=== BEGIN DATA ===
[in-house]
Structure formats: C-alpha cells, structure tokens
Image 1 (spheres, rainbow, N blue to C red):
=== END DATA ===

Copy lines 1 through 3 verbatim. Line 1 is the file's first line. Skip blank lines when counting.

[in-house]
Structure formats: C-alpha cells, structure tokens
Image 1 (spheres, rainbow, N blue to C red):